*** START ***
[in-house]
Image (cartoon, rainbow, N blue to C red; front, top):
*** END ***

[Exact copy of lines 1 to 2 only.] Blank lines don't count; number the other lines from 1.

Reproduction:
[in-house]
Image (cartoon, rainbow, N blue to C red; front, top):